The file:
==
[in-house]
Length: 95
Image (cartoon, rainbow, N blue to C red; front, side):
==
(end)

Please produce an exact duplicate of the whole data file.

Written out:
[in-house]
Length: 95
Image (cartoon, rainbow, N blue to C red; front, side):